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Objection Process

Community Objection

Community Objection – There is substantial opposition to the gTLD application from a significant portion of the community to which the gTLD string may be explicitly or implicitly targeted.

3.5.4 Community Objection

The four tests described here will enable a DRSP panel to determine whether there is substantial opposition from a significant portion of the community to which the string may be targeted. For an objection to be successful, the objector must prove that:

• The community invoked by the objector is a clearly delineated community; and

• Community opposition to the application is substantial; and

• There is a strong association between the community invoked and the applied-for gTLD string; and

• The application creates a likelihood of material detriment to the rights or legitimate interests of a significant portion of the community to which the string may be explicitly or implicitly targeted. Each of these tests is described in further detail below.

Community – The objector must prove that the community expressing opposition can be regarded as a clearly delineated community. A panel could balance a number of factors to determine this, including but not limited to:

• The level of public recognition of the group as a community at a local and/or global level;

• The level of formal boundaries around the community and what persons or entities are considered to form the community;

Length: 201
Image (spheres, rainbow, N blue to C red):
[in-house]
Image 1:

• The length of time the community has been in existence;

 • The global distribution of the community (this may not apply if the community is territorial); and

 • The number of people or entities that make up the community.

If opposition by a number of people/entities is found, but the group represented by the objector is not determined to be a clearly delineated community, the objection will fail.

Substantial Opposition – The objector must prove substantial opposition within the community it has identified itself as representing. A panel could balance a number of factors to determine whether there is substantial opposition, including but not limited to:

 • Number of expressions of opposition relative to the composition of the community;

 • The representative nature of entities expressing opposition;

 • Level of recognized stature or weight among sources of opposition;

 • Distribution or diversity among sources of expressions of opposition, including:

    • Regional
    • Subsectors of community
    • Leadership of community
    • Membership of community

 • Historical defense of the community in other contexts; and

 • Costs incurred by objector in expressing opposition, including other channels the objector may have used to convey opposition.

If some opposition within the community is determined, but it does not meet the standard of substantial opposition, the objection will fail.

Targeting – The objector must prove a strong association between the applied-for gTLD string and the community represented by the objector. Factors that could be balanced by a panel to determine this include but are not limited to:

•  Statements contained in application;

•  Other public statements by the applicant;

•  Associations by the public.

If opposition by a community is determined, but there is no strong association between the community and the applied-for gTLD string, the objection will fail.